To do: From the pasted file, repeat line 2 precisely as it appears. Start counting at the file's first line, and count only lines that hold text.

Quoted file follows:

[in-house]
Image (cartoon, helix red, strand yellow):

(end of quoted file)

Image (cartoon, helix red, strand yellow):